10. Unhealthy habits.

Who has time to sleep, eat healthy, or exercise when there are so many other things that need to get done? Hopefully, we all do. After all, neglecting your health because think that you don’t have time is never a good thing and can result in a wide range of productivity and health concerns.

Make getting 7 to 8 hours of quality sleep a priority. When taking a break between work, go for a walk or do some exercises in your office. And, skip the junk food by preparing your meals for the week on Sunday afternoons.

11. Burnout.

Finally, if you aren’t managing your time the right way, then you’ll eventually get burned out. As a consequence, you’re putting your career and health in jeopardy. The reason? You’re working yourself to the bone just to play catch-up. Eventually, you aren’t sleeping, eating garbage, and so stressed that you’re making yourself sick. This can then lead to diminished work, relationship problems, and lowered creativity.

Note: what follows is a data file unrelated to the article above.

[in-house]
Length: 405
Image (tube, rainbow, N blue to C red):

Schedule frequent breaks throughout the workday. And, most importantly, spend time away from work so that you can enjoy your life. That means when you’re spending time with your family during dinner or a weekend excursion you aren’t preoccupied with work, such as responding to emails or phone calls.

Tags: poor time management, time management tips

Tips for Improving Bad Time Management to Boost Productivity and Reduce Stress


7 Min. Read

March 28, 2019

Time is one of the most valuable assets for small business owners and poor time management can negatively impact a company’s work output and revenues. Good time management skills are crucial if you want to grow your business and increase your earnings. Being better at planning your day, prioritizing work tasks and eliminating distractions can help you put your time management back on track. That way, you can focus on delivering better work for your clients and achieving your professional goals.